Even if you haven’t heard of her, Li Edelkoort has probably had an effect on your life. Li is one of the world’s leading trend forecasters and advises large fashion and consumer goods companies about emerging trends and movements. Although her work spans many industries, she is probably best known for her forecasting in fashion and interior design.
Since the 1980s, Li has created innovative trend books and audiovisuals, becoming a pioneer in the industry and launching trend forecasting as a profession.
Born in Wageningen, Holland in 1950, Li Edelkoort studied fashion design at the School of Fine Arts in Arnhem, Holland. Li predicts trends in concepts, colour and materials over two years in advance and claims, “there is no creation without advance knowledge, and without design, a product cannot exist.” (www.edelkoort.com)This philosophy enables Li and her close-knit team to better position her clients in interpreting the changes in society and the consumer tastes to come.
woman with drive was lucky enough to attend a seminar by Li at designEX in Sydney last month and we have the exclusive, direct from Li herself, on the emerging trends for 2015/16.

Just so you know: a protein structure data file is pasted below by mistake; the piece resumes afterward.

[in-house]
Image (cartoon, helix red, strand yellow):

The trend is towards materials; objects, fashion and design that embrace, cuddle and make us feel happy and safe. A major influence is tactility, as people need to balance their lives in front of electronic screens. We will see many more chunky woollen knits, padded and pillow type clothing and homewares.
Oval is the new shape with rounded edges all around the home. Oval shapes in kitchen and bathrooms will emerge. Furniture that embraces you and provides a mini-sanctuary such as rounded chairs, couches and desks will be popular.
Colours will turn to green tinting and she predicted designers will place green tones in their colour palettes. This will be a major move away from the red/orange tones so dominant over the past 20 years. Colours in general are moving lighter so it’s time to reconsider those all black outfits. Plus she says yellow is the new pink, so we will see lots more of yellow in the coming years.
Li ended her presentation with “the pillow book” – a look into the bedroom. She said the bedroom is now the most important room in the house taking focus away from kitchen and living areas. According to Li, we will spend more leisure time, entertaining, eating and working in the bedroom. Thus the bedroom will start to resemble a hotel room with open bathrooms, fires and even mini-bars, transforming into a more complete living space.
Image credit: Australian Design Review http://www.australiandesignreview.com/news/43594-li-edelkoorts-predictions-at-designex
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